Nine-day trek begins in Northampton blizzard, ends in Boston rally.
The Interfaith Walk for Climate Rescue was conceived by Religious Witness for the Earth (RWE), a national interfaith network dedicated to reducing environmental devastation. The Rev. Fred Small, of First Church Unitarian, in Littleton, Mass., founded RWE, and was one of the organizers of the walk. “People of faith are waking up to our religious and moral obligation to confront climate change,” said Small. “The scientists have done their job. They have stated very clearly their consensus that global warming is real and that human beings are contributing to it. So it’s time for people to do our job and demand that we achieve 80 percent reduction in global warming pollution by 2050.”
The interfaith walkers set out from the Unitarian Society of Northampton and Florence, and walked each day a distance of between five and 16 miles. Along the way, the walkers were welcomed into Jewish synagogues and churches of Episcopal, Protestant, Methodist, Congregationalist, and UU denominations for lunch stops and overnight accommodations. Walkers represented all of these groups, and also included Muslims, Quakers, and Baptists. Each evening, the walkers were entertained by singers and performers, and educated about the environmental consequences of global warming.
Fourteen UU ministers participated in all or some part of the march. On Saturday the First Parish Church of Billerica and the Littleton church brought in their youth groups to accompany marchers.
“This is an issue that every person of faith can agree on,” said the Rev. Kate Stevens, minister of the First Congregational Church in Ashfield, Mass. “Every one of us sees creation as sacred, and we’re walking to protect creation.”
Some of the walkers joined the pilgrimage to Boston for just a day or night. Others, such as Stevens, walked the entire journey. Small had hoped to walk most of the journey, but an injured foot sidelined him for most of the week. He still joined the group for sleepovers in churches along the way, and he led the rally in Boston on the last day of the protest.
“A walk is an important form of religious witness,” said Small. “Gandhi walked in India for the liberation of the Indian people. The civil rights movement walked in Selma for freedom and dignity. And we walk in defense of creation.”
Twenty-three religious, environmental, and scientific groups were endorsers of the Interfaith Walk including the Environmental League of Massachusetts, Massachusetts Interfaith Power & Light, the Massachusetts Climate Action Network, the Union of Concerned Scientists, and Coalition on the Environment and Jewish Life.
Another of the sponsors was the Unitarian Universalist Mass Action Network, a network of Bay State UU ministers and lay people working on social justice issues at the legislative level. Nancy Banks, UU Mass Action’s executive director, began the walk in the mid-March blizzard, and rejoined it a few days later in milder, more seasonal weather. She answered her cell phone in Newton huffing and puffing to describe the walk. “I’m on Heartbreak Hill right now,” Banks said, referring to the infamous incline that marks mile 16 of the Boston marathon. She was surrounded by more than 100 walkers marching up Commonwealth Avenue, many carrying signs, earth flags, and placards emblazoned with “Religious Witness for the Earth.” Passersby honked horns and shouted encouragement. “In the rural areas, the walk was much more contemplative,” Banks said. “Now we’re getting a lot of external support, which is wonderful.”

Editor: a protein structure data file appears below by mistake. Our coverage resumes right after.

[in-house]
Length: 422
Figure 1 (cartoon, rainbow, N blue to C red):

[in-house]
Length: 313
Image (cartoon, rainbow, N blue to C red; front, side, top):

On the eighth night of the walk, the marchers gathered at Christ Church in Cambridge. And on the ninth morning they walked down Massachusetts Avenue singing “This Land is Your Land,” and “Keep on Moving Forward.” Although the walk had started in a blizzard, blue skies were high over the walkers, as Cambridge police officers on bicycles led them to the Charles River, where they crossed the bridge into Boston. By the time they reached the Old South Church in Copley Square, they were 800 strong. African drummers and dancers welcomed them into the church, which they filled to capacity. The interfaith service included Indian dancers, a Jewish folk singer, and blessings from Baptist, UCC, UU, Episcopal, Jewish, and Greek Orthodox clergy.
The crowd spilled into Copley Square at the service’s end for a rally. Speakers included Kevin Knobloch, president of the Union of Concerned Scientists; the Rev. Dr. Tina Saxon of the Peoples Baptist Church of Boston; and the Rev. Dr. Bob Edgar, general secretary of the National Council of Churches.
Small emceed the 90-minute rally. He told the 1,500 people who had gathered: “When we look beyond the horizon of despair, we see however faintly a future of hope—a world where we live harmoniously and sustainably, where individual freedom is exercised with care for creation and community, where nature is not basely exploited and wantonly despoiled but reverenced in awe and wonder and delight. Let us hold this future clearly in our mind's eye. Let us claim it and proclaim it and live it every moment of our lives, and as Gandhi said, ‘be the change we wish to see in the world.’”
Please note: newsletter on hiatus
Michelle Bates Deakin, a member of First Parish Unitarian Universalist of Arlington, Massachusetts, was a UU World contributing editor from 2006 to 2011 and a UU World senior editor from 2011 to 2014. She is the author of Social Action Heroes: Unitarian Universalists Who Are Changing the World (Skinner House, 2011) and Gay Marriage, Real Life: 10 Stories of Love and Family (Skinner House, 2006).
Tom Andrews named UUSC president, CEO
Former head of Win Without War and United to End Genocide will lead UU human rights organization.
What really happened at Starr King?
Faculty who resigned say seminary conflict was about claims made by former President Rebecca Parker.